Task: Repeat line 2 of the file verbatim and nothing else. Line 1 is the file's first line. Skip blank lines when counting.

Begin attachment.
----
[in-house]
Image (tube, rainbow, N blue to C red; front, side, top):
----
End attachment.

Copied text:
Image (tube, rainbow, N blue to C red; front, side, top):